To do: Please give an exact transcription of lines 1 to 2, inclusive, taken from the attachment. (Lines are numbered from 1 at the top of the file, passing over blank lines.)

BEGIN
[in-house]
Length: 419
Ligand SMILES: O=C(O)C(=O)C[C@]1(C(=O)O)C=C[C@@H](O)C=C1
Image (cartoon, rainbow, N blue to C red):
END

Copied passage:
[in-house]
Length: 419